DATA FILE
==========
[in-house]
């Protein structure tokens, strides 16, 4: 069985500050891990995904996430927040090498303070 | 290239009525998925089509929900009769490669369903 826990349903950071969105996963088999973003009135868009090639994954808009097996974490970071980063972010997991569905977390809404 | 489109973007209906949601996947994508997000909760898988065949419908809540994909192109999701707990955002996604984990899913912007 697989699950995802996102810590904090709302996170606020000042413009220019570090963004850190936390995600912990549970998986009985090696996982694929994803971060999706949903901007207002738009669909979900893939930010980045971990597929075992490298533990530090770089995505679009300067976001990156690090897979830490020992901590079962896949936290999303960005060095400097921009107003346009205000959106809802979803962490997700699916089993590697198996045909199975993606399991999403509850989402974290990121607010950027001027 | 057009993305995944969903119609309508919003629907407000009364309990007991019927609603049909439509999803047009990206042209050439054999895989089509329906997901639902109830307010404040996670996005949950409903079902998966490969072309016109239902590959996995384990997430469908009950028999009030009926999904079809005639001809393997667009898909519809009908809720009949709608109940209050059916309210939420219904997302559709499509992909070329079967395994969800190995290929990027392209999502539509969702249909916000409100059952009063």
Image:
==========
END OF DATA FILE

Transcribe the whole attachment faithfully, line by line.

[in-house]
């Protein structure tokens, strides 16, 4: 069985500050891990995904996430927040090498303070 | 290239009525998925089509929900009769490669369903 826990349903950071969105996963088999973003009135868009090639994954808009097996974490970071980063972010997991569905977390809404 | 489109973007209906949601996947994508997000909760898988065949419908809540994909192109999701707990955002996604984990899913912007 697989699950995802996102810590904090709302996170606020000042413009220019570090963004850190936390995600912990549970998986009985090696996982694929994803971060999706949903901007207002738009669909979900893939930010980045971990597929075992490298533990530090770089995505679009300067976001990156690090897979830490020992901590079962896949936290999303960005060095400097921009107003346009205000959106809802979803962490997700699916089993590697198996045909199975993606399991999403509850989402974290990121607010950027001027 | 057009993305995944969903119609309508919003629907407000009364309990007991019927609603049909439509999803047009990206042209050439054999895989089509329906997901639902109830307010404040996670996005949950409903079902998966490969072309016109239902590959996995384990997430469908009950028999009030009926999904079809005639001809393997667009898909519809009908809720009949709608109940209050059916309210939420219904997302559709499509992909070329079967395994969800190995290929990027392209999502539509969702249909916000409100059952009063």
Image: